18. 18. Security options in ECS
  19. 19. Security options in ECS ECS_SELINUX_CAPABLE=true
  20. 20. Container Lifecycle Security
  21. 21. Lifecycle risks • Are my developers introducing new vulnerabilities during development? • Are my container images in my repository vulnerable? • Do I have a runtime defence if containers are compromised? • How do I ensure by Docker platform is secure over time?
  22. 22. Mitigation approaches • Do image vulnerability analysis in the CI/CD pipeline • Only allow developers to use “approved” images • Configuration governance • Regularly analyse images in your private repository • Only allow compliant images to run in production • Have runtime defence in place • Regular checks of Docker platform against industry benchmarks Own your repo!
  23. 23. Secure Host via Docker Bench • Recommendations provided by Center for Internet Security’s Benchmark for Docker Engine • Best practice: use Docker Bench to validate host against recommendations • www.dockerbench.com
  24. 24. Run DockerBench via EC2 Run Cmd Output report to CloudWatch logs Create CloudWatch alarm on non-compliance Automating Docker Bench Invoke Lambda on schedule
  25. 25. Scan running containers for vulnerabilities in dev, test, staging, and production. • Public CVE vulnerabilities • Some application specific vulnerabilities which may or may not have CVE • Scan the host file system, not just containers • Can to tell whether the host is safe or not to load application containers. Visualize services, containers, and network behavior easily in staging and production Protects running containers against violations, threats, and vulnerabilities
  26. 26. Continuous integration
  27. 27. CI/CD pipeline / Container lifecycle CodeCommit Source Build CodePipeline Jenkins 1. Build Docker image 2. Check image for vulnerabilities 3. Push image to ECR 4. Update ECS service via CloudFormation Run Live scan
  28. 28. Managing Secrets
  29. 29. Bake into image
  30. 30. Bake into image
  31. 31. Environment variables • Suggested by 12-factor apps • Environment variables can be seen in too many places • linked containers, ECS API calls, docker inspect • Can’t be deleted
  32. 32. S3-based secrets storage • Secrets stored in S3 bucket • Accessed via IAM roles for EC2 • Enforce encryption at rest and flight via IAM policies and KMS • Use VPC endpoint for S3 to lock down access from certain VPCs https://blogs.aws.amazon.com/security/post/Tx2B3QUWAA7KOU/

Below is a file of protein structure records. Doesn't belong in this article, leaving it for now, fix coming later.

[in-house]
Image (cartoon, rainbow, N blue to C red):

33. 33. Third-party secrets management solutions • Vault from HashiCorp • https://www.vaultproject.io/ • Keywhiz from Square • https://square.github.io/keywhiz/ • Secrets accessed via leases • Good for Dynamic Secrets generation
  34. 34. Temporary credentials for RDS databases Vault for RDS credentials
  35. 35. Enforce Governance with ECS
  36. 36. ECS primer ECS cluster … Task 2 Task N Task 1 Task definition 1 Amazon ECR Docker images
  37. 37. Enforcing governance… is simple! Task definition controls • Which Docker images to use (app_latest) • CPU & memory allocation • Container links • Host-to-container port mappings • **NEW** IAM roles for tasks
  38. 38. IAM roles for tasks Benefits • Simplify usage of AWS SDKs in containers • Credential isolation between tasks • Authorization per task • Auditability in CloudTrail with taskArn
  39. 39. IAM roles for tasks - example Web UI Container Cluster Instance Data Insights Container ECS Task 2ECS Task 1 IAM role The old way… Amazon DynamoDB Amazon S3 Undesired permission Undesired permission
  40. 40. IAM roles for tasks - example Web UI Container Cluster Instance Data Insights Container ECS Task 2ECS Task 1 IAM Role 1 The new way! IAM Role 2 Amazon DynamoDB Amazon S3
  41. 41. IAM roles for tasks – explained 1. ECS agent periodically queries ECS control plane 2. Control plane generates ID token  Auto-rotated 3. ECS agent:  Constructs HTTP URL for each container  Sets AWS_CREDENTIALS_ENDPOINT in HostConfig 4. AWS SDK extracts URL
  42. 42. IAM roles for tasks - demo
  43. 43. Automate Security Deployments
  44. 44. Governance during continuous integration Docker image Developers Security Engineers Ops Engineers Amazon ECR Task definition
  45. 45. Governance during continuous deployment Developers Ops Engineers Security Engineers App Team Developers Ops Engineers Security Engineers InfoSec Team
  46. 46. Docker Images Web Application Host-Based Intrusion Detection Securely merge… …and deploy Governance during continuous deployment App Team InfoSec Team Task Definition Docker Images Task Definition
  47. 47. Deploying security functionality - example Rate limiting proxy Web Application Container Cluster instance Reverse-Proxy Container Outbound network access ECS Task
  48. 48. Deploying security functionality - demo
  49. 49. Why should I care? • Remove accidental conflicts • Make security processes continuous and automatic • Encapsulate software artifacts and implement controls one level up • Control changes to this framework via IAM
  50. 50. Not just containers! Amazon Machine Images (AMIs) Docker Images OS Packages Amazon EC2 Container Service AWS CloudFormation AWS CodeDeploy
  51. 51. Amazon Machine Images (AMIs) Docker Images OS Packages Amazon EC2 Container Service AWS CloudFormation AWS CodeDeploy Software Artifacts Deployment Services Not just containers!
  52. 52. Not just containers! CloudFormation Template Task Definition Application Specification File (AppSpec.yml) …applies to any deployment process.
  53. 53. Thank you!
  54. 54. Remember to complete your evaluations!